FDA grants approval to Nogapendekin alfa inbakicept-pmln for bladder cancer

By: Dr. Anish Shah
Bronx-Lebanon Hospital; Bronx, NY


On April 22, 2024, the U.S. Food and Drug Administration granted approval for nogapendekin alfa inbakicept-pmln (Anktiva, Altor BioScience, LLC), to be used in conjunction with Bacillus Calmette-Guérin (BCG) for the treatment of adult patients suffering from BCG-unresponsive non-muscle invasive bladder cancer (NMIBC) with carcinoma in situ (CIS), either with or without papillary tumors.

Study ID: NCT0302285

The effectiveness and safety of the treatment were assessed in the QUILT-3.032 study, a single-arm, multicenter trial involving 77 patients with BCG-unresponsive, high-risk NMIBC with CIS, with or without Ta/T1 papillary disease, following transurethral resection. The patients were administered nogapendekin alfa inbakicept-pmln induction through intravesical instillation with BCG, followed by a maintenance therapy that lasted up to 37 months.

The dosage of nogapendekin alfa inbakicept-pmln is 400 mcg, to be given intravesically in conjunction with BCG on a weekly basis for a period of 6 weeks as part of the initial therapy. Post initial therapy, the recommended dosage remains at 400 mcg, but the administration schedule changes to a weekly dose for 3 weeks during the 4th, 7th, 10th, 13th, and 19th months, resulting in a total of 15 doses. Regular assessments of the tumor’s condition were conducted through cystoscopy and urine cytology every quarter for a period of 2 years.
Additionally, a biopsy, whether random or directed by cystoscopy, was necessitated within the initial 6 months post commencement of treatment. Subsequent evaluations adhered to local practices. The treatment period is not to exceed 37 months.

The primary factors to evaluate the effectiveness of the treatment were the achievement of complete response (CR) at any point in time and the duration of the complete response (DOR). CR was ascertained by negative results from cystoscopy (with TURBT/biopsies when necessary) and urine cytology. The rate of CR was found to be 62% (95% CI: 51, 73). Among the patients who achieved CR, 58% maintained a DOR for 12 months or more, while 40% maintained a DOR for 24 months or more. Should CR not be attained by the 3rd month, another round of the initial therapy may be administered. For patients maintaining CR from the 25th month onwards, additional maintenance instillations with BCG may be administered on a weekly basis for 3 weeks during the 25th, 31st, and 37th months, with a maximum of 9 additional instillations. Treatment should be discontinued in the event of persistent disease post the second round of initial therapy, recurrence or progression of the disease, or if the toxicity level is deemed unacceptable.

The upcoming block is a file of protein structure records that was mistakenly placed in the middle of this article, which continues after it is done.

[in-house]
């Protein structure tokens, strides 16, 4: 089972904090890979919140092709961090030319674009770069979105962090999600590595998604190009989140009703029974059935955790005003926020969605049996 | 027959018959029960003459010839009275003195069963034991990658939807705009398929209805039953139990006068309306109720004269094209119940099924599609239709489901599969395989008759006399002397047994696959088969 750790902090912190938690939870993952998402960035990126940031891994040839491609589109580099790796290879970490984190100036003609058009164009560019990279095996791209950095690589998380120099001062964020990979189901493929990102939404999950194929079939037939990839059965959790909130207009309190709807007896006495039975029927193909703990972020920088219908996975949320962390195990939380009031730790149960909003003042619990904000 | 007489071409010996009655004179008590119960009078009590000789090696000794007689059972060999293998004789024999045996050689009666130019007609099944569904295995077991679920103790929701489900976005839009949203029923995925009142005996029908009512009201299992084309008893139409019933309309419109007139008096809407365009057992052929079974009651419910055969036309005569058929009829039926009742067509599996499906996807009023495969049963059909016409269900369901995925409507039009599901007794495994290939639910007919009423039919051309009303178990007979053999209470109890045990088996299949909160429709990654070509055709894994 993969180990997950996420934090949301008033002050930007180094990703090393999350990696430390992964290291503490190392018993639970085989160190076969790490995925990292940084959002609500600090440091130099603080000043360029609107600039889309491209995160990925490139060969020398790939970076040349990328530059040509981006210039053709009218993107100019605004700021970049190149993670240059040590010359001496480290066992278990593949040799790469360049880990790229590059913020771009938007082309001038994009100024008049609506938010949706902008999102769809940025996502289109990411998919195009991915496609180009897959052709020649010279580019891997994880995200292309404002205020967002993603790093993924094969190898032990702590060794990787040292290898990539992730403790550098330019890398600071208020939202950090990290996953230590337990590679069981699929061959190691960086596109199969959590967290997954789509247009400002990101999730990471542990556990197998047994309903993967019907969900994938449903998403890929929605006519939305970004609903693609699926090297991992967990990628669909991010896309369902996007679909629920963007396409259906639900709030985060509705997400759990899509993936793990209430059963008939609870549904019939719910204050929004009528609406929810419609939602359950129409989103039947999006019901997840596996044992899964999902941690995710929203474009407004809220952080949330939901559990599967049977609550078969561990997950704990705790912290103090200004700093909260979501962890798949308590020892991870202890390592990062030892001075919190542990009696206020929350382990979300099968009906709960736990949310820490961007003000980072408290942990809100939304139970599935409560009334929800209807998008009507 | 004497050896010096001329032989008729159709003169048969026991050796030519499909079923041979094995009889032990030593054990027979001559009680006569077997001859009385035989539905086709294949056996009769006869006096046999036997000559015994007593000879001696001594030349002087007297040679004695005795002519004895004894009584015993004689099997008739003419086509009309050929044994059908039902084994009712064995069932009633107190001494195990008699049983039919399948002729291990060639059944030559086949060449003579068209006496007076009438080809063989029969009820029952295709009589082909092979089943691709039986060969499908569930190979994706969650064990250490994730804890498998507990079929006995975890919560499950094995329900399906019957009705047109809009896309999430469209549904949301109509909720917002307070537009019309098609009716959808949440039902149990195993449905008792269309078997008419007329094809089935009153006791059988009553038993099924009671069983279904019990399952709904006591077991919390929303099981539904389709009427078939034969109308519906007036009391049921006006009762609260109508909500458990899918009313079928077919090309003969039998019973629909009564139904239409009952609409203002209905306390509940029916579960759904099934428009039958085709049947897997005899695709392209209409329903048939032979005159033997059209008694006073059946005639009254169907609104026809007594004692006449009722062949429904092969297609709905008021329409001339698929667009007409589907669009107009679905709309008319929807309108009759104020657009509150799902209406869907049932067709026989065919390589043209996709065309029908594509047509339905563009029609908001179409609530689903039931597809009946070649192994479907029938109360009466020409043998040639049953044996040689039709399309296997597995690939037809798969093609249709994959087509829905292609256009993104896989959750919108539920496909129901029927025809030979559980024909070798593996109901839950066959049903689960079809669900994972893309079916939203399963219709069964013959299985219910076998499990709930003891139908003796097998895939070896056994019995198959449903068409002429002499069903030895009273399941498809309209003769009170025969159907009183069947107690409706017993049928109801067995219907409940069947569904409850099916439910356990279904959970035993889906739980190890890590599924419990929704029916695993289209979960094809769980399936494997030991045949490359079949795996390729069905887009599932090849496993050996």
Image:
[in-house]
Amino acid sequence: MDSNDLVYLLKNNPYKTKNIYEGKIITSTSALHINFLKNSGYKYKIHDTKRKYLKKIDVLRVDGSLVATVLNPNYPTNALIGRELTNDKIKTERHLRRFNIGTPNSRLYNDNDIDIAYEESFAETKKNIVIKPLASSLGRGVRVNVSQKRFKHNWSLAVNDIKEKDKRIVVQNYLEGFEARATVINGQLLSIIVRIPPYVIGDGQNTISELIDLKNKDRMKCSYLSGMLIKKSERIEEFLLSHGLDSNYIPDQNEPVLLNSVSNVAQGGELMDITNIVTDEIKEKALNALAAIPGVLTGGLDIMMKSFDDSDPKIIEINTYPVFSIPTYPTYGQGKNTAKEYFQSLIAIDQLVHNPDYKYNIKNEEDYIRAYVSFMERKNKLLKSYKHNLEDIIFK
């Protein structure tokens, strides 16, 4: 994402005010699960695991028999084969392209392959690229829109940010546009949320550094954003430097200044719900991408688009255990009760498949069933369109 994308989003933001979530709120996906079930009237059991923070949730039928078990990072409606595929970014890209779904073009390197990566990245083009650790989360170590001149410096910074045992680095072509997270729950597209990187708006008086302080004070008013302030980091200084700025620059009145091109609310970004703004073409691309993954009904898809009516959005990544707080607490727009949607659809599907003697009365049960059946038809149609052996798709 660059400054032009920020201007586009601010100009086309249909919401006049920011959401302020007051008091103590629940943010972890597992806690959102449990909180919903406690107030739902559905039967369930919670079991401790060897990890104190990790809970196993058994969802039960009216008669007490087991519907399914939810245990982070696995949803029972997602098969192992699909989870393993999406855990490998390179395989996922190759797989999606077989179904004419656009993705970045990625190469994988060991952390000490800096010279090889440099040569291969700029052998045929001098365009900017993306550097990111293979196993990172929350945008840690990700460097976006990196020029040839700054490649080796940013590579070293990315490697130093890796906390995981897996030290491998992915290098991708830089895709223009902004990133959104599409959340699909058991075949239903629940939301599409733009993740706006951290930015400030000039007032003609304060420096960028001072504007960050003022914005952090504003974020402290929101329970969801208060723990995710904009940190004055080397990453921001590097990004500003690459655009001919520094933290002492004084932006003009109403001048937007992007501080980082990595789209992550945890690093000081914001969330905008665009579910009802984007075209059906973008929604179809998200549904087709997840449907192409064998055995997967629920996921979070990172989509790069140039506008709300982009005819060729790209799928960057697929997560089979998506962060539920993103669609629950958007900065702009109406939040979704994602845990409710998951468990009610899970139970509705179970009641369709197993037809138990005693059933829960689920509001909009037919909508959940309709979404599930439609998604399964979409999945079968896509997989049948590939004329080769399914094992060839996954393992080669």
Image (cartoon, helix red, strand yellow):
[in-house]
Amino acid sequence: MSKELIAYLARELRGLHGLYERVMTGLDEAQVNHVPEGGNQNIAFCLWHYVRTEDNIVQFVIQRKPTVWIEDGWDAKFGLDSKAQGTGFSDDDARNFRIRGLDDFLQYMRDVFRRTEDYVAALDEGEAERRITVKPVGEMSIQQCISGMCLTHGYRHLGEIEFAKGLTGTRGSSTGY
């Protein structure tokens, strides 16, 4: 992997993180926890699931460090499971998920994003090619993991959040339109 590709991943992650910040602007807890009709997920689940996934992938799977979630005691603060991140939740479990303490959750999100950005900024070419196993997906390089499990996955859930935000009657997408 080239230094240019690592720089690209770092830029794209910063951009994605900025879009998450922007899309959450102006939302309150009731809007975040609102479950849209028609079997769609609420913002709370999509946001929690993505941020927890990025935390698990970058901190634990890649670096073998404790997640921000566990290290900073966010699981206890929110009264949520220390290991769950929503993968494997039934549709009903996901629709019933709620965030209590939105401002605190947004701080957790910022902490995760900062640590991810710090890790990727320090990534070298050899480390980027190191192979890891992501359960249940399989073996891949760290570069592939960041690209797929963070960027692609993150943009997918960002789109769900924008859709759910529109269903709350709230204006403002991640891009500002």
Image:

The most common adverse reactions (≥15%), including laboratory test abnormalities, were increased creatinine, dysuria, hematuria, frequent urination, urgency to urinate, urinary tract infection, increased potassium, musculoskeletal pain, chills, and fever.


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